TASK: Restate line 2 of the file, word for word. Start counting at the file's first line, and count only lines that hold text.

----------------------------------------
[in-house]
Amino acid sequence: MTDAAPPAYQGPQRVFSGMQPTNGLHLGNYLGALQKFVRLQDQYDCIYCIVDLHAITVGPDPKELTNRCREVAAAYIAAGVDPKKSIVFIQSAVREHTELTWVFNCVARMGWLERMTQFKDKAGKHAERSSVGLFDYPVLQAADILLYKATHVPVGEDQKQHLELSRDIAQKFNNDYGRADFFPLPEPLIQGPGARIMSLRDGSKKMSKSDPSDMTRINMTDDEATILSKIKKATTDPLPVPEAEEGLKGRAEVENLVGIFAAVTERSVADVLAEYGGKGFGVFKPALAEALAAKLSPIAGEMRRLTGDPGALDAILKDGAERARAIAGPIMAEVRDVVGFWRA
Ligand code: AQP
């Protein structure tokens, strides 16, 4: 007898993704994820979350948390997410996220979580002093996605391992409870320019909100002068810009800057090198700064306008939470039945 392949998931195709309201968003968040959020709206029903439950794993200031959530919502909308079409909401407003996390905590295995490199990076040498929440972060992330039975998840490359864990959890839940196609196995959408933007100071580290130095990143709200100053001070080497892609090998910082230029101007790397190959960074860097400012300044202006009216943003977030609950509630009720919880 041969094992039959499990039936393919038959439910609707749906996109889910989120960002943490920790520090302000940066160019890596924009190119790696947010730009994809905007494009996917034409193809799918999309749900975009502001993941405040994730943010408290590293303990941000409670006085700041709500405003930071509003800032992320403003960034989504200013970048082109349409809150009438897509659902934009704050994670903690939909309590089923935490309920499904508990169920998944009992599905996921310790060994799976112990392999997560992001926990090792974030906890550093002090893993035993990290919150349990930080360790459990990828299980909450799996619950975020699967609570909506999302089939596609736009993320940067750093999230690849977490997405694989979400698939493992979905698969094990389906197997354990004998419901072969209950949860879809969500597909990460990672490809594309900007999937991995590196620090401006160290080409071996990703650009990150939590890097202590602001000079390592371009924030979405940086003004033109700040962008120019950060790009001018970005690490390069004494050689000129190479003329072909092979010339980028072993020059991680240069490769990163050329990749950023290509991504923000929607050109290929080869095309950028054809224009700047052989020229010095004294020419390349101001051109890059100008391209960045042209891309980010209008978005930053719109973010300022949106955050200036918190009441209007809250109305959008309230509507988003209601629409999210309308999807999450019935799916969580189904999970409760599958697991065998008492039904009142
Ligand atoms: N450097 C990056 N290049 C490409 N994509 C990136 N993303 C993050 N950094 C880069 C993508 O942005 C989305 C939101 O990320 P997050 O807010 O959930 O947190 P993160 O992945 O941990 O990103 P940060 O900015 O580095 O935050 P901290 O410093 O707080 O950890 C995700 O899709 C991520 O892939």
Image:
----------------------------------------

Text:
Amino acid sequence: MTDAAPPAYQGPQRVFSGMQPTNGLHLGNYLGALQKFVRLQDQYDCIYCIVDLHAITVGPDPKELTNRCREVAAAYIAAGVDPKKSIVFIQSAVREHTELTWVFNCVARMGWLERMTQFKDKAGKHAERSSVGLFDYPVLQAADILLYKATHVPVGEDQKQHLELSRDIAQKFNNDYGRADFFPLPEPLIQGPGARIMSLRDGSKKMSKSDPSDMTRINMTDDEATILSKIKKATTDPLPVPEAEEGLKGRAEVENLVGIFAAVTERSVADVLAEYGGKGFGVFKPALAEALAAKLSPIAGEMRRLTGDPGALDAILKDGAERARAIAGPIMAEVRDVVGFWRA